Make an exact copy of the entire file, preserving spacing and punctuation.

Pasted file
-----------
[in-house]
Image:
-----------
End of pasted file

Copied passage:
[in-house]
Image: